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Analytic form factor computation


The inner section of the form factor integral, or as it is called the form factor between a finite and differential area, can be written as a surface integral in a vector space, denoting the vector between tex2html_wrap_inline1812 and tex2html_wrap_inline1814 by tex2html_wrap_inline1990 , the unit normal to tex2html_wrap_inline1812 by tex2html_wr ap_inline1994 , and the surface element vector tex2html_wrap_inline1996 by tex2html_wrap_inline1998 :


If we could find a vector field tex2html_wrap_inline2000 , such that tex2html_wrap_inline2002 , the area integral could be transformed into the contour integral tex2html_wrap_inline2004 by Stoke's theorem. This idea has been followed by Hottel and Sarofin [HS67], and they were successful in providing a formula for the case when there are no occlusions, or the visibility term tex2html_wrap_inline1818 is everywhere 1:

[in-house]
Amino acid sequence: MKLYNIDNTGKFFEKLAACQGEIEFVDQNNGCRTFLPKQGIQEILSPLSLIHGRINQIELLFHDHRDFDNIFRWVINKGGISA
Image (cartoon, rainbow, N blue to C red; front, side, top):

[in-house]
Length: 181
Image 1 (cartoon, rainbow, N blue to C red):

1. tex2html_wrap_inline2008 is the signed angle between two vectors. The sign is positive if tex2html_wrap_inline2010 is rotated clockwise from tex2html_wrap_inline2012 looking at them in the opposite direction to tex2html_wrap_inline1994 ,
  2. tex2html_wrap_inline2016 represents addition modulo L. It is a circular next operator for vertices,
  3. L is the number of vertices of surface element j,
  4. tex2html_wrap_inline2024 is the vector from the differential surface i to the lth vertex of the surface element j.

We do not aim to go into the details of the original derivation of this formula based on the theory of vector fields, because it can also be proven relying on geometric considerations of the hemispherical projection.

Szirmay-Kalos Laszlo
Mon Oct 21 14:07:41 METDST 1996